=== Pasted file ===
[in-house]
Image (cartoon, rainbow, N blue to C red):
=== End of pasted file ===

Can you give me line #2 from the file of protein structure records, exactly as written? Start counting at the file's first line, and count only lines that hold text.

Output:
Image (cartoon, rainbow, N blue to C red):